dining Arrangement

chinese dinnerA good friend of mine once observed that some people eat to live, and others live to eat. Many Chinese people, myself included, seem to fall into this second category.

For us, our days revolve around food. After breakfast we think about lunch, and after lunch we plan for dinner. In southern China, there are also dedicated times for morning dim sum treats — zăo chá (早茶) — and guilt-free midnight snacks — yè xiāo (夜宵) .

Food is a central part of Chinese culture. There is great pleasure in sharing meals with family and friends, but there are also important etiquette and table manners, especially in more formal situations.

Chinese formalities around dining are very different, so Westerners who sit down to a delicious meal may sometimes get more than they can chew.

This article walks you through a full Chinese banquet with tips and vocabulary along the way for navigating the dangerous territories of shark fin soup and other dishes.

With this knowledge under your belt, hopefully you can loosen up and enjoy the meal without any worries!

chinese seating arrangementsSeating Arrangements

Many restaurants in China offer private dining rooms with large round tables and spinning Lazy Susans.

Seating may not be marked, but don’t be fooled – there are unspoken rules for who sits where.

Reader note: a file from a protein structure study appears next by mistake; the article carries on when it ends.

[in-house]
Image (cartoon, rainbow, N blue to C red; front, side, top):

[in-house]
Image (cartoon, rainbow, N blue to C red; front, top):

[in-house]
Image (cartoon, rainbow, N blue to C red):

Generally, the "least important" person of a banquet sits closest to the entrance of the room, directing and communicating with servers. The guest of honor sits across, furthest away from the entrance, back facing the wall.

In formal banquets today, being seated far across from the door is a sign of honor. The most notable guests will be seated near the guest of honor position. Other guests sit nearest the door.

chinese feastObserving the seating arrangement can be a useful way of understanding social relationships and hierarchies. Seating arrangements are less strict at informal gatherings.

The Food

A formal Chinese banquet can involve many courses, with platters of food laid out on the Lazy Susan.

The Lazy Susan eliminates the need to pass the potatoes or ask for yams, but be sure to spin the Lazy Susan in the clockwise direction. If you notice fellow diners sitting with empty plates, it’s also polite to send the platters their way.

Meals typically begin with cold appetizers, such as pickled cucumbers, preserved eggs, cold slices of cooked meat, or sometimes the more exotic pickled jellyfish and duck tongue.

Western food is also gaining popularity in China, so don’t be surprised if you see a Chinese potato salad or Caesar salad.

Soup and small cakes may be served between courses as a palate cleanser, and there are typically many proteins as well as vegetarian dishes.

The main entrée, or zhŭ shí (主食) , such as rice, is usually the last course, and you might not want to eat too much of it, as it can signify to the host that you didn’t enjoy the rest of the meal. Fresh fruit is often brought out at the end, as a light dessert.

Fish and seafood are common banquet features, since the character for fish, yú (鱼) , sounds like the character for abundance, yú (余).

chinese drinks chinese payments

Related posts: